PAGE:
Star Trek: The Original Series produced many famous out-takes, which were shown to the delight of fans at gatherings over the years and have been extensively bootlegged. One famous example shows actor Leonard Nimoy, who plays the supposedly emotionless Mr. Spock, breaking into laughter when, in the first season episode "This Side of Paradise", instead of saying the line "The plants act as a repository", says "The plants act as a suppository". In another out-take, series star William Shatner breaks character during a scene and starts complaining about the food served in the studio commissary. A third example begins with the third season episode "Is There in Truth No Beauty?", in which guest actress Diana Muldaur recited the line, "We've come to the end of an eventful...trip", to which Shatner replies, "I don't know what you've been taking..." -- a reference to the then-topical issue of drug-induced hallucinations or "trips". People bumping into supposedly automatic doors when the backstage personnel mistimed opening them was a common accident depicted. Similarly there were also mishaps while filming in exterior, with aircraft flying over supposedly alien planets.
Lizzie McGuire, That's So Raven and other Disney Channel shows are also characterized for showing their bloopers after the shows have ended.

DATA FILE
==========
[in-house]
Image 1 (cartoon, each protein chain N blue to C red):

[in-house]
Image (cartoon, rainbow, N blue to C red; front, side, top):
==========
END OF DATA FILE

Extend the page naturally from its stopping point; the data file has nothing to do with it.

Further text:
Many theatrical motion pictures feature bloopers during the end credits. For example, many Jackie Chan movies end with footage of failed stunts, blown dialogue, and other mishaps; Chan was inspired to do this by Burt Reynolds' films of the early 1980s (in particular Smokey and the Bandit II and The Cannonball Run) that also featured end-credits bloopers. As an homage to its inspiration, the closing-credits blooper reel for Anchorman: The Legend of Ron Burgundy actually featured one outtake from Smokey and the Bandit II.
Pixar also has a tradition of including blooper-like material during the end credits of such films as Toy Story 2 and A Bug's Life; the latter was at one point reissued to theatres with a major selling feature being the addition of extra "bloopers". Since Pixar's films are painstakingly computer-animated, making actual blunders of this sort impossible, these scenes are in fact staged. The makers of another computer-animated film, Final Fantasy: The Spirits Within, likewise also created a faux blooper reel showing the characters playing practical jokes and, in one case, bursting into laughter when one "sneezes" during a dramatic sequence. Going back decades earlier, in 1939 Warner Bros. Animation director Bob Clampett produced a short "blooper" film (for the studio's annual in-house gag reel) of Looney Tunes character Porky Pig smashing his thumb with a hammer and cursing.